If the recession has proven anything, it’s that American consumers are willing to pay a premium for healthy products.  Due to its compelling image as an innovative yet accessible beverage that is good tasting, good for you, and budget friendly, tea has remained profitable, with 2% annual gains in 2008 and 2009, according to new research by Packaged Facts. Consumer Spending logo

Over the next several years, tea’s health halo will gradually return the market to the double-digit gains it experienced prior to the recession, particularly as additional research solidifies tea’s healthful and functional properties. Packaged Facts estimates the U.S. market for tea sold through retail and foodservice channels at $9 billion in 2009, forecasting a 5% increase in 2010. Steadily rising annual percentage gains are projected through 2014, when growth will reach 10% and sales will exceed $12 billion.

Consumers also flocked to tea due to the high quality of the beverage. Many new product introductions in the tea category include exotic flavored teas, tea and fruit infusions, and premium loose tea bags that are at the forefront of innovations in both the retail and foodservice arenas.

“Tea’s healthfulness is still, of course, the beverage’s primary appeal, but in the current market environment consumers are increasingly recognizing good quality, customized tea as a comforting, affordable premium beverage splurge,” says Don Montuori, publisher of Packaged Facts.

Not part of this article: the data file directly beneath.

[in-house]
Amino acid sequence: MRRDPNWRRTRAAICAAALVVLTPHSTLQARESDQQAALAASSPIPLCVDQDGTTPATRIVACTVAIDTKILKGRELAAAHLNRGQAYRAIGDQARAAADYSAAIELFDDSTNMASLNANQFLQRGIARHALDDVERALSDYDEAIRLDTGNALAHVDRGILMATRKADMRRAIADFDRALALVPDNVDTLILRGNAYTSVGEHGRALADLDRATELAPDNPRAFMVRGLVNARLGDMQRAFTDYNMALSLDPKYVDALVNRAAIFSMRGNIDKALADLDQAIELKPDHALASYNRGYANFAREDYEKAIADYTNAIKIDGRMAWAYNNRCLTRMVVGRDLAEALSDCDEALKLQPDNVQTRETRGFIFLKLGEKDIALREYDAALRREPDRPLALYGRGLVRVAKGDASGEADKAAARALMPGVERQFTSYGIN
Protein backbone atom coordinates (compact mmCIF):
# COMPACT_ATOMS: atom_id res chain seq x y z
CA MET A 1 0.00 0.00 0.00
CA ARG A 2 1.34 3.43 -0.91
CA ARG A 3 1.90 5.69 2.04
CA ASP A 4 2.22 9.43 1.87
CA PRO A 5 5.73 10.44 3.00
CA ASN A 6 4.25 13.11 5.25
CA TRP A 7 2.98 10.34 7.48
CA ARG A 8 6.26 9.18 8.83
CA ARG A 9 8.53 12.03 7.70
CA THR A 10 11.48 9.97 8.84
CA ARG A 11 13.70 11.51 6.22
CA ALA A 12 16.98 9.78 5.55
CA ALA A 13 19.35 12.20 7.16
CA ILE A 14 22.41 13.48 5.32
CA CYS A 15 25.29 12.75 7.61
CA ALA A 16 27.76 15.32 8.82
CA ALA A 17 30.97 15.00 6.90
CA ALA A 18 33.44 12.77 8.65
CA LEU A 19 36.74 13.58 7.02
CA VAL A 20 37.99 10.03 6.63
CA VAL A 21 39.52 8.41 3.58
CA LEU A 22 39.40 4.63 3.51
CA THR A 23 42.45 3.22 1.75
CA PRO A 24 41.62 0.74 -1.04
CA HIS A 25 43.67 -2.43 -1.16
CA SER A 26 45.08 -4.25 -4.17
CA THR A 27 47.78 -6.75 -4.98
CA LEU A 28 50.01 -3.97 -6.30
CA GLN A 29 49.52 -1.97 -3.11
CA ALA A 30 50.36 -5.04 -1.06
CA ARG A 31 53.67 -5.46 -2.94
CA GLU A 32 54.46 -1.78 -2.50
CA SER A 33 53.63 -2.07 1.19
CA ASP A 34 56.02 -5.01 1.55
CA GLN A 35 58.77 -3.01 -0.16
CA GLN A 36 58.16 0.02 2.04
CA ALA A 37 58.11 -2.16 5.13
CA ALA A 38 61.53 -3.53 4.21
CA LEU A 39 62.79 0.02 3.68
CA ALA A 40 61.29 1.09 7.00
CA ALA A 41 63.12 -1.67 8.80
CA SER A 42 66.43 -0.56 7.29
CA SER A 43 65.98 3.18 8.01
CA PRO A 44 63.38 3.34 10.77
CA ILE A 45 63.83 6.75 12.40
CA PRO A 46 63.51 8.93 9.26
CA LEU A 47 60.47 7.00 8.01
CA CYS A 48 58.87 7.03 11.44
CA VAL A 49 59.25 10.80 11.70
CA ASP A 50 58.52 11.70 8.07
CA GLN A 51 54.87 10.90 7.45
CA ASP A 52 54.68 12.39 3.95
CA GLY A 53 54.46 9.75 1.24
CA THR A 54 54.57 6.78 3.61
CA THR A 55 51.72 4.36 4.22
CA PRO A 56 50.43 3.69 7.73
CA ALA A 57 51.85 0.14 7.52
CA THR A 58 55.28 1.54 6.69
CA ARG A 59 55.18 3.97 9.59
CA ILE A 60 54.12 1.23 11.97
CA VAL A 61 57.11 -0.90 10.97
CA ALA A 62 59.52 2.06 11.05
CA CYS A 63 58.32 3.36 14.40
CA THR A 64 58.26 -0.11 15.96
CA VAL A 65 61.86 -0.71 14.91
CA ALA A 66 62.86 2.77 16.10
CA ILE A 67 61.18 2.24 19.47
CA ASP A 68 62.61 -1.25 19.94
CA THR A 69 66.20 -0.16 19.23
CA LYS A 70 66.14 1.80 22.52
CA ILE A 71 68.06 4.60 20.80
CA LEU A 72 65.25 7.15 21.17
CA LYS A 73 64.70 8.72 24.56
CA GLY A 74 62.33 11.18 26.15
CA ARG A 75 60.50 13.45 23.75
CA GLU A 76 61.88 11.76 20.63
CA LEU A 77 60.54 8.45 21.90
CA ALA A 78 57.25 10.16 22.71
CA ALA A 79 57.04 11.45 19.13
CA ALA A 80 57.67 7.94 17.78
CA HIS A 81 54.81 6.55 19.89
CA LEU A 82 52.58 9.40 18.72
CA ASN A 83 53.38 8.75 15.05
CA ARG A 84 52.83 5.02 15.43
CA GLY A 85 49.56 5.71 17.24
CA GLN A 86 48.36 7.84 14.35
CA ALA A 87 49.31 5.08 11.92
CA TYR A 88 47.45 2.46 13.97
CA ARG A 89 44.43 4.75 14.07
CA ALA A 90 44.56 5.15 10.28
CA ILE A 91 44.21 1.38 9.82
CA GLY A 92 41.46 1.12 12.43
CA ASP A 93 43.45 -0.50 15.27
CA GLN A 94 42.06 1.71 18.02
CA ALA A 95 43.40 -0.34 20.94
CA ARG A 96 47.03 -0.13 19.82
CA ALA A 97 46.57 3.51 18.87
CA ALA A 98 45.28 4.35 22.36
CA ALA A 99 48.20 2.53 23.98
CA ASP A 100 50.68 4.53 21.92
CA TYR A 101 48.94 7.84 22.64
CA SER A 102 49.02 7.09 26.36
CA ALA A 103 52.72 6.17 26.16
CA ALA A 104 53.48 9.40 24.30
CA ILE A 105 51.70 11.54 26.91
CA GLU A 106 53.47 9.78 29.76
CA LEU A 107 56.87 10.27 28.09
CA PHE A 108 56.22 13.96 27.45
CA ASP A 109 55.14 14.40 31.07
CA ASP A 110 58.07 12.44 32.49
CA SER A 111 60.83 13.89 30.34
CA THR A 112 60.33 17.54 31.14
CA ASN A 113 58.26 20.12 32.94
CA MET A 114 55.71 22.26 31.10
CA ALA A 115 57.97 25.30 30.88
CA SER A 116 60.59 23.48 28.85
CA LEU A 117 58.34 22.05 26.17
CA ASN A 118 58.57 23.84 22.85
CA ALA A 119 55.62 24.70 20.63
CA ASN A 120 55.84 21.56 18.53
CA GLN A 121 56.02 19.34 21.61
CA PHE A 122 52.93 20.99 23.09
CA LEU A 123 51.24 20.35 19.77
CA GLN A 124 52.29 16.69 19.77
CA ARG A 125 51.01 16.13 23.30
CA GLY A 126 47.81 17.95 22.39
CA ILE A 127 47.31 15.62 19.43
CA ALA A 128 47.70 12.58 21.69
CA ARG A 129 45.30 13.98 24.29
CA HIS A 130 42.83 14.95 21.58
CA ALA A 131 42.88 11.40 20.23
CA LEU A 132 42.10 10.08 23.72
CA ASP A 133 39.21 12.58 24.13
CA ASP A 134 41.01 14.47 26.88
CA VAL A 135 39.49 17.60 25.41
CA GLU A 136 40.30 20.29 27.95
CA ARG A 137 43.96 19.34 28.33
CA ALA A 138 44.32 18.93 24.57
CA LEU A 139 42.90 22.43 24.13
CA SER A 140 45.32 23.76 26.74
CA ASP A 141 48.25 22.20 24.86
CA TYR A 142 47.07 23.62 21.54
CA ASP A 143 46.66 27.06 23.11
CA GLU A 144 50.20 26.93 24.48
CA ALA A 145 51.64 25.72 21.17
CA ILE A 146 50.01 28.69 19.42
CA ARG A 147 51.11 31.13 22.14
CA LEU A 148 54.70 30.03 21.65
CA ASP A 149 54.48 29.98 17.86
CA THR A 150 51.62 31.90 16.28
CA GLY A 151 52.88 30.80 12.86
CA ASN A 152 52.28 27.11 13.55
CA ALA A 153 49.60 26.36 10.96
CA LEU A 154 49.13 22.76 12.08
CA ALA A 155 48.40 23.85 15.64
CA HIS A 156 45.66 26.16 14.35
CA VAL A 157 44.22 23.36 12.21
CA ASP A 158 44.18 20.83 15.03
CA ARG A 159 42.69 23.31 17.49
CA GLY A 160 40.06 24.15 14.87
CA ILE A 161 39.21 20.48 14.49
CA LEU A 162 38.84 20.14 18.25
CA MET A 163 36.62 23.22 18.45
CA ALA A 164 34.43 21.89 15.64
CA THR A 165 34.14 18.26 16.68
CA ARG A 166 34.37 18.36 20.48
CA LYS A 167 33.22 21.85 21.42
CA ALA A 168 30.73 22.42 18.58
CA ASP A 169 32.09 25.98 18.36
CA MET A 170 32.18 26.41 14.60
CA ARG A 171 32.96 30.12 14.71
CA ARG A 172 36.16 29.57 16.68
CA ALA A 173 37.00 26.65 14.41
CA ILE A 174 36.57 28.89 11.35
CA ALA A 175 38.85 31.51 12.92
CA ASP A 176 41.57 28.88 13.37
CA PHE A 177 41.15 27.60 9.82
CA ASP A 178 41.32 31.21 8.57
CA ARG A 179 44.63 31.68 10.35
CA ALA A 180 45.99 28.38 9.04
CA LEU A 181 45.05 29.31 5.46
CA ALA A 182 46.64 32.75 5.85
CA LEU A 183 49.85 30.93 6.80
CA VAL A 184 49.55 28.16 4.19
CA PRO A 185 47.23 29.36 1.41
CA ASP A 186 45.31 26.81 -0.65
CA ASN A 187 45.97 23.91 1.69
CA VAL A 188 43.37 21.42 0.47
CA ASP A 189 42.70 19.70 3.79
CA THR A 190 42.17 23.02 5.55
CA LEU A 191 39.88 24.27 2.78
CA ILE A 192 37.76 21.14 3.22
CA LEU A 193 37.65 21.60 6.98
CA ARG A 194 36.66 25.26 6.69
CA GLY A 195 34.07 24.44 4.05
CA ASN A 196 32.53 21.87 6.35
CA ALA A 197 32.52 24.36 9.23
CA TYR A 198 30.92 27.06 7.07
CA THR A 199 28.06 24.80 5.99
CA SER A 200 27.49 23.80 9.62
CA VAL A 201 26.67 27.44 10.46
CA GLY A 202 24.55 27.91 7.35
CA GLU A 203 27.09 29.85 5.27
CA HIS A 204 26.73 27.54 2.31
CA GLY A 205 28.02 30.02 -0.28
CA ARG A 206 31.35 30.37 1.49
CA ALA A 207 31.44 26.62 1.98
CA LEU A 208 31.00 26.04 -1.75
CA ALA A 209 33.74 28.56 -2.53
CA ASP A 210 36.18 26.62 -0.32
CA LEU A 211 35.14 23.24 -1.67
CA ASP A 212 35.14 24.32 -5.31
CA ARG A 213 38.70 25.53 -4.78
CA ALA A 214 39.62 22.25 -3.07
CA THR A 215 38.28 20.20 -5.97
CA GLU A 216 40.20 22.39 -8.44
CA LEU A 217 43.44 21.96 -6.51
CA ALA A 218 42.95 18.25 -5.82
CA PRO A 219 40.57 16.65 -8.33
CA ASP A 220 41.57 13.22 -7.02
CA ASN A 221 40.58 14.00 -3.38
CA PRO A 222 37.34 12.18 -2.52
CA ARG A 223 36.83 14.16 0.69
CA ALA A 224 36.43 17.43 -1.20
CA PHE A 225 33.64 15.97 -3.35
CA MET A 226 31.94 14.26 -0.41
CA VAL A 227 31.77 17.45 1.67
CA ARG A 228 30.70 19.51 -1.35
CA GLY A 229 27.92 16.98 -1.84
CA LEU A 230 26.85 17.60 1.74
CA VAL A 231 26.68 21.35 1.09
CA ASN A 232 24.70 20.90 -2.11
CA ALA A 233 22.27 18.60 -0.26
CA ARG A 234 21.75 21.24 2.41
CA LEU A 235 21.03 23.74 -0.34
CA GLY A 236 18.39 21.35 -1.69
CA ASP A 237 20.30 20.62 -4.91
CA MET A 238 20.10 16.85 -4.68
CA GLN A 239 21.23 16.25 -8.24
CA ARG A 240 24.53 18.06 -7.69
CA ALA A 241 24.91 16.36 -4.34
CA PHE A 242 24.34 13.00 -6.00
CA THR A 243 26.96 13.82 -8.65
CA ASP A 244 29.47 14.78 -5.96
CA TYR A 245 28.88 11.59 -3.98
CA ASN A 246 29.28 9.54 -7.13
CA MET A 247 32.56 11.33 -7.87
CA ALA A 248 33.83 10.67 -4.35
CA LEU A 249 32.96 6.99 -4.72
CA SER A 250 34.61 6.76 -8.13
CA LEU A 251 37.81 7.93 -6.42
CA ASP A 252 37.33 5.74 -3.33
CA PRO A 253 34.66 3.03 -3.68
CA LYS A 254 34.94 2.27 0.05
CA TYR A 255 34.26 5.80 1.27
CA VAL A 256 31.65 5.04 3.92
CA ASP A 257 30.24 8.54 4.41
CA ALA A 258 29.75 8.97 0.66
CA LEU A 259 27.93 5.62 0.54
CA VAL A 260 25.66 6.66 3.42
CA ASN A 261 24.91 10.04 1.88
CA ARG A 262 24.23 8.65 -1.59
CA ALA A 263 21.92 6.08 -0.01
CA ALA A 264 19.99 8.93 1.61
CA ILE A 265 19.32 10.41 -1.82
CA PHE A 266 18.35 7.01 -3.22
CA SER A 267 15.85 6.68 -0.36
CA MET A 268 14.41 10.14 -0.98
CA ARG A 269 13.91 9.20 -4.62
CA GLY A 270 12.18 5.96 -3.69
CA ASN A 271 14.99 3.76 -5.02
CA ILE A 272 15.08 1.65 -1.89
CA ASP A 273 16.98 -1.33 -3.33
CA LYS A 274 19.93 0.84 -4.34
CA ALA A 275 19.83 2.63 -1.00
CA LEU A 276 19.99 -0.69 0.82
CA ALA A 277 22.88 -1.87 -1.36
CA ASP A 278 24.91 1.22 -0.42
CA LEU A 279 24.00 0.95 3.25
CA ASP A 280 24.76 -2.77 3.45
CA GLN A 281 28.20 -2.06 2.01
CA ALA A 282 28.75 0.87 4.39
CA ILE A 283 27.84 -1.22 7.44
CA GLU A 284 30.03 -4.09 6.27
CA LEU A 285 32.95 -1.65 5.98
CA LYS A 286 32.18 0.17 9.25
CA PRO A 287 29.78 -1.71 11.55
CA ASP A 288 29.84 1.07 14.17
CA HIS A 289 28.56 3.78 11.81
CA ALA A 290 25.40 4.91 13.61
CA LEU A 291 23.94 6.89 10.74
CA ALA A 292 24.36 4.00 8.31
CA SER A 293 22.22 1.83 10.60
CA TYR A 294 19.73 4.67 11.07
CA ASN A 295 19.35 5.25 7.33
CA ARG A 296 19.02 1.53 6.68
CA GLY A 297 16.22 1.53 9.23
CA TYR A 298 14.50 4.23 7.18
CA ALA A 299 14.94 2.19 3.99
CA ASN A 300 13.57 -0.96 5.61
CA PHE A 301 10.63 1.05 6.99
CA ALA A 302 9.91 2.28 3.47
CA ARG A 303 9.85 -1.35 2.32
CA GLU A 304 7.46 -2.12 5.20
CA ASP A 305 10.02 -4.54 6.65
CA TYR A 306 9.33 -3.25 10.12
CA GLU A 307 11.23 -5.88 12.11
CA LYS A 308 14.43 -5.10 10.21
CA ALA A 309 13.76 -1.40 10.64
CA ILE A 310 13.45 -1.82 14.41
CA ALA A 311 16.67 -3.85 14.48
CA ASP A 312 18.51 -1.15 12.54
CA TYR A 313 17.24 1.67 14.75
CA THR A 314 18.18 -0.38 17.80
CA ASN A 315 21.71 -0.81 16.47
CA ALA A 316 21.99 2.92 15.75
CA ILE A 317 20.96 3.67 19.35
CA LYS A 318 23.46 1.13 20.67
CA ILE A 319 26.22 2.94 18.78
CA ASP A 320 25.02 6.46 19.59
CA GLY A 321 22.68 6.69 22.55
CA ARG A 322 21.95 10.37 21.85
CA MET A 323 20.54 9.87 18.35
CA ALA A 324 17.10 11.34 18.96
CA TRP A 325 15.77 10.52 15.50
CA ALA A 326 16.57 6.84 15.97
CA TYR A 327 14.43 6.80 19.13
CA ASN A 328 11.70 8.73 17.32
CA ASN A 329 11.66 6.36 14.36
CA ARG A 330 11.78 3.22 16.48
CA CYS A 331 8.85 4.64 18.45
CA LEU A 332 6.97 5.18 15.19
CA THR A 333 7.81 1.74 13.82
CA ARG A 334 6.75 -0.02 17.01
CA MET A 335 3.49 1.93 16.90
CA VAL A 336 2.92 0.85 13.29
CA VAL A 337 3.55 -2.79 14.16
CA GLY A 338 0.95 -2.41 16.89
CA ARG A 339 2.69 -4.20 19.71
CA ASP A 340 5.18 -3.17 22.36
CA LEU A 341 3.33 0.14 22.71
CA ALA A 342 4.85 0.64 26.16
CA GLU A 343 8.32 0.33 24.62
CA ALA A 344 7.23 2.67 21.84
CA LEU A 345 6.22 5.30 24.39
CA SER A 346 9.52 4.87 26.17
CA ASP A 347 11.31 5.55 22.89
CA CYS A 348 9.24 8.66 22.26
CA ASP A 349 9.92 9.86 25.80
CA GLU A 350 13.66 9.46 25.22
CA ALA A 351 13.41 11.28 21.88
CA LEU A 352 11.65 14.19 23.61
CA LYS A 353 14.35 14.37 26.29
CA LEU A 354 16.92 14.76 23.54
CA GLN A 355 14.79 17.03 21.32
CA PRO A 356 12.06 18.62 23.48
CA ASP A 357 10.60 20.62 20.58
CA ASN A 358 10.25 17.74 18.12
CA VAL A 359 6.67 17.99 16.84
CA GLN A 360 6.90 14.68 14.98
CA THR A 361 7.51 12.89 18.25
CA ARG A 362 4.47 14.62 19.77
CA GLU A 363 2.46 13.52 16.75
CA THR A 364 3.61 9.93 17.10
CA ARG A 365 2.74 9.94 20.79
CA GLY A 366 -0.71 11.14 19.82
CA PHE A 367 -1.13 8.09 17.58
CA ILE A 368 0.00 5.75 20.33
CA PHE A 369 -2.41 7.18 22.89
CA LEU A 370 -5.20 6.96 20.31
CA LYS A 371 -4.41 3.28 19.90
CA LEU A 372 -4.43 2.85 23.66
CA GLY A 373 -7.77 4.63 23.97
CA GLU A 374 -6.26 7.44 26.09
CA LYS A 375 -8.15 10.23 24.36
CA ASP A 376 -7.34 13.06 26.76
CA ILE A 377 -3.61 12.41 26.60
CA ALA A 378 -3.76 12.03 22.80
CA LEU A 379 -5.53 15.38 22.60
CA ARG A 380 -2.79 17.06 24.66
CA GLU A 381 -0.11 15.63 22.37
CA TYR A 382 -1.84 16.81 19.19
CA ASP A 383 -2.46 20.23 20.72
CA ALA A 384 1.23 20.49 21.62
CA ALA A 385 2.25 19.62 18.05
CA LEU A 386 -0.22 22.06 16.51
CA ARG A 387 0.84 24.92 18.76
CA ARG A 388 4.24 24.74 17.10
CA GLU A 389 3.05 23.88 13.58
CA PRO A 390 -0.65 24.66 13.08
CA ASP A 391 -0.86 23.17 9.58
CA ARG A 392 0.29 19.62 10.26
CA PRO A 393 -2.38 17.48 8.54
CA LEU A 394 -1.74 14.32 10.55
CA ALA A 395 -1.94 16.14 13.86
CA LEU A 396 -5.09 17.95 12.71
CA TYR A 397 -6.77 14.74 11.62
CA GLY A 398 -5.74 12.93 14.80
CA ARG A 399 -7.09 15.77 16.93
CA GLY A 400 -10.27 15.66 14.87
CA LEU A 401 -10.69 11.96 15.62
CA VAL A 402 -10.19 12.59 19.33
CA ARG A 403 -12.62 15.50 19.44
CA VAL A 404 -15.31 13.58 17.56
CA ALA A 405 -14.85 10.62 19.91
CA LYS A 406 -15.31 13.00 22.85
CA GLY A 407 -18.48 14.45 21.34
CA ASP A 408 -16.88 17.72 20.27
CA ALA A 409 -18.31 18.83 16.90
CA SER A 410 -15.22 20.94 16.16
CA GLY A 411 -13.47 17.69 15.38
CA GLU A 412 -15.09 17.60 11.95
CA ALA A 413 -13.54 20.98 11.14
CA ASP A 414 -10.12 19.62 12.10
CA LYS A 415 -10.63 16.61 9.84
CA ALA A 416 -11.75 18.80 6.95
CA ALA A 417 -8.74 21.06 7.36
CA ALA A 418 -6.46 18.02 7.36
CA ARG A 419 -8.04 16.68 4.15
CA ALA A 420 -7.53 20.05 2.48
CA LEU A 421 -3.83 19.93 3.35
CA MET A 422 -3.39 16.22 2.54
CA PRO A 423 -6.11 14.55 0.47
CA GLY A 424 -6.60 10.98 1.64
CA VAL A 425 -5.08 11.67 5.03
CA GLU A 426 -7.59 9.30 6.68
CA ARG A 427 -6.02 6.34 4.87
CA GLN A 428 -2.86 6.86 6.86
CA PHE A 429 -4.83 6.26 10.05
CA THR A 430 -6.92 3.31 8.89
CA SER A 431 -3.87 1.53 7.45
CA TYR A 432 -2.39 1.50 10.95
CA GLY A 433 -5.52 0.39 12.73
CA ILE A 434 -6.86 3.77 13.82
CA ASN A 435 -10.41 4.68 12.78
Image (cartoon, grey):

Additional factors driving overall market growth will be the greater involvement of international beverage behemoths including Coca-Cola, PepsiCo and Nestlé; a greater emphasis on tea in the foodservice channel via expansion of specialty brews into restaurants of all kinds, as well as coffee/tea chains à la Starbucks and Peet’s Coffee & Tea; hybrid tea beverages crossing over into competitive categories including sparkling water, energy drinks and superfruit juices; and the additional penetration of RTD teas into convenience channels including convenience stores and alternative outlets such as bookstores.

“Tea and Ready-to-Drink (RTD) Tea in the U.S.: Retail, Foodservice and Consumer Trends,” by Packaged Facts, November 5, 2009.  Website: www.packagedfacts.com.